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by STIRworldDec 30, 2019
•make your fridays matter with a well-read weekend
by Shraddha NairPublished on : Mar 04, 2021
If it was not enough to experience incessant turbulence in weather conditions and witness the slow deterioration of our natural environment, the COVID-19 pandemic certainly made sure that we stopped to pay attention to our treatment of the planet and in turn - ourselves. The renewed dialogue around this relationship has heightened our awareness of it, resulting in artists of all media and form responding to the crisis in their own way. In their first exhibition upon reopening post lockdown being lifted, Odunpazarı Modern Museum in Eskişehir, Turkey, presents At the End of the Day, an exhibition featuring both local Turkish artists like Elmas Deniz, as well as international ones such as Marc Quinn.
The director of the museum, Defne Casaretto, speaks with STIR about her curatorial intentions against the backdrop of the real-time crisis at hand. “It is a fact that we are not treating our environment as we should. Not only in the sense of literal damages, but also in the crises human beings have created single-handedly. This comes with various consequences, including the pandemic we are in. Although it is highly possible for us to live in this world in harmony and with respect, this is something we overlook to maintain our daily comfort. As we were working on At the End of the Day, our main aim was to focus more on the possibilities of co-existing better rather than dictating about wrongdoings or getting into scary doomsday scenarios," says Casaretto.
The exhibition is inspired by the seminal novella The Word for World Is Forest (1972) by Ursula K Le Guin. Casaretto states, “The Word for World is Forest tells the story of destruction as a result of human invasion. Nearly all artworks in At the End of the Day emphasise human invasion, destruction and human interference over nature. Some, of course, have a different insight and ask the question of what if we did not exist in this world, what it would be like to see the Earth without us. The important thing here is to see how these artworks touch upon our relationship with nature, both personal and through climate politics that cripple our habitat. To name a few, Ali Kazma’s Safe, a documentary of a safe deposit for the doomsday to “make the world sustainable” and survive the end even after years of failed agricultural policies or our decisions to destroy nature; Elmas Deniz’s Made to be Seen a commercial for nature, as if it is a sellable good; and Fırat Engin’s Purification, a complete irony. Burcu Yağcıoğlu focuses on the destruction of nature, forests and oceans, and the creatures that disappeared in the meantime. These are all directly connected to the story in some ways. All of the works in the exhibition touch upon the subjects we want to focus on and draw attention to from this book”.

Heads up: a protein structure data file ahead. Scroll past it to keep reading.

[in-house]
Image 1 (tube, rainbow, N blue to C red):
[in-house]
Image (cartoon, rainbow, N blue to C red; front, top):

At the End of the Day comprises 36 artists who have contributed artworks ranging from installation and photography to video and painting. The curatorial direction allowed for the inclusion of both emerging and established artists, incorporating international names as well as supporting Turkish artists. “As the first contemporary and modern art museum located outside Istanbul, we are always eager to bring the Turkish art scene to Eskişehir, to show what is going on in Turkish art, especially to locals,” mentions Casaretto.
While the exhibition highlights crucial perspectives pertaining to our ongoing situation, one must question the extent of the reach and effectiveness of the message delivered through art. Is the exhibition curated to generate conversation? Does it work to reduce the gap between artwork and viewer? Does the viewer have the opportunity to respond to and engage with the artwork at a conceptual level? While art enables us to express our views on relevant matters, holding space for discussion and ensuring that the discussion goes beyond the museum space is up to the curators. Although OMM encourages school tours and educational programmes, every art space across the world must begin to push the boundaries of audience engagement and interaction so that the art goes beyond the walls of the museum.
‘At the End of the Day’ will be on view at Odunpazarı Modern Museum until April 25, 2021.
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